On Friday, Ms Paetongtarn undoubtedly questioned the advisability of an independent Bank of Thailand.

‘The law that keeps the Bank of Thailand (BoT) independent from the government is a problem and a significant obstacle in fixing economic problems,’ she told the party meeting.

In the meantime, Prime Minister Srettha Thavisin, while acknowledging the independence of the central bank, has consistently accused it of being unconcerned about the plight of heavily indebted borrowers and small business firms.

Many unserviceable loans across the financial system have recently exited a loan protection scheme ushered in during the pandemic era. At the same time, it is widely accepted that non-performing loan rates quoted by banks are understated.

Currently quoted at about 3%, many analysts see the figure at 7.5%, with even higher figures for loans called into question. This is based on regular reports from Thailand’s National Credit Bureau (NCB).

Discord between the Bank of Thailand and the government is worrisome. The central bank’s position as an independent agency was strengthened by a 2008 law

In the meantime, the outbound capital outflow from Thailand is also being openly linked to a fall in confidence.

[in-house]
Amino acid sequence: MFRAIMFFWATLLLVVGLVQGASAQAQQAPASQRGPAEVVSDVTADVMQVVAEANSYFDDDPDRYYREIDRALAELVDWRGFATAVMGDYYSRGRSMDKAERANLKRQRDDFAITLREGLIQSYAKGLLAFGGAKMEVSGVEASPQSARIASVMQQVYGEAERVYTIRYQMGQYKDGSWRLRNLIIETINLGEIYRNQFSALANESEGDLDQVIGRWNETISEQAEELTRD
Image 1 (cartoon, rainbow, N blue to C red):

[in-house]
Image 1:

A key factor in this is the ongoing spat between the government and the Bank of Thailand.

Thailand’s central bank is governed by the 1942 Bank of Thailand Act.

However, following the Asian Financial crisis in 1997 and at the behest of the International Monetary Fund (IMF), stronger legislation was desired. The goal was to prop up the independence of the central bank.

In short, this was enacted with the Bank of Thailand Act of 2008. This law made clear that the bank was operationally independent.

Certainly, it removed the power of the cabinet to remove a Bank of Thailand governor. Previously this could be done at the behest of the Minister of Finance in cabinet.

However, this can now only be done if the incumbent is shown to have behaved dishonestly or with impropriety.

Unquestionably, the current Bank of Thailand governor is pursuing a principled and sound path. Indeed, he has been praised by many leading economists for his stewardship.

Government retains key powers over appointments

At the same time, the government, through the Ministry of Finance, retains key powers. Particularly to do with appointments to the board of the Bank of Thailand and key committees.

At this time, it is becoming clear that the government or at least the Pheu Thai Party is seeking a change of governor or further leverage over the bank. That may be pursued through legislation in parliament.